UNESCO World Heritage Sites of Libya
There are five UNESCO World Heritage Sites located in Libya, two of which are ancient Roman cities, one is an ancient Greek colony, another is a stunning oasis town and the fifth is set in the mountains with spectacular rock art dating back centuries ago.
While Libya offers the tourist pristine beaches, a wonderful warm climate and beautiful natural landscapes, the UNESCO World Heritage Sites give you a glimpse into the areas past, let’s you step back in time and soak up some of the history and culture of this wonderful country.
Libya’s five World Heritage sites put on List of World Heritage in Danger
Sabratha became a UNESCO World Heritage Site in 1982 and lies on the Mediterranean Coast just west of Tripoli. This was a Phoenician trading post before being rebuilt by the Romans in the third century. Today you can still see the well-preserved ruins of the theater, basilica, baths and there is also a museum filled with artifacts from the area.
Leptis Magna is one of the top tourist destinations in Libya, this UNESCO World Heritage Site was a prominent Roman city and has some of the best preserved Roman ruins available. Also set on the coast of the Mediterranean Sea this city gives you a glimpse into the past with the theater, market, basilica and forum. You can wander around the site and get a true feeling of what it must have been like living there all those centuries ago.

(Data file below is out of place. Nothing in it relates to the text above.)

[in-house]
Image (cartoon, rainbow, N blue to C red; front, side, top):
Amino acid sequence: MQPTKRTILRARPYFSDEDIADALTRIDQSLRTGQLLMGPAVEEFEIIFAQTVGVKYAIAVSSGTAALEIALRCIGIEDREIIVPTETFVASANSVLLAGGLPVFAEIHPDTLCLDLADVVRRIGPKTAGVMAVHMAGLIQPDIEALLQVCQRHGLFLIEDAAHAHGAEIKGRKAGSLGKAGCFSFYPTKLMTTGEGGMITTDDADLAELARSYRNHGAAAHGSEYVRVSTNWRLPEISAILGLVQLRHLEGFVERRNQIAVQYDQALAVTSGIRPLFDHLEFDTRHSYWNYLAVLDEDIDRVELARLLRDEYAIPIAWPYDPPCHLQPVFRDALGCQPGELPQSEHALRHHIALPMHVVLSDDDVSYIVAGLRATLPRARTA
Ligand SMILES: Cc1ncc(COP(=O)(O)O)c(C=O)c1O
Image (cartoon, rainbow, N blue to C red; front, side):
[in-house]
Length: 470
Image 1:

Cyrene was an ancient Greek colony which was later rebuilt by the Romans. This archaeological site lets you explore the Temple of Apollo which dates back to the seventh century BC, the necropolis and the selection of well-preserved temples.
Ghadames is an oasis town close to the Algeria and Tunisian borders in southern Libya. The old town is the UNESCO World Heritage Site which is surrounded by a city wall with beautifully preserved buildings for you to experience when in the area.
Tadrart Acacus is a mountain range in the desert of Ghat in Libya and is a popular tourist destination and UNESCO World Heritage Site due to the spectacular rock art which dates back to approximately 12,000 BC.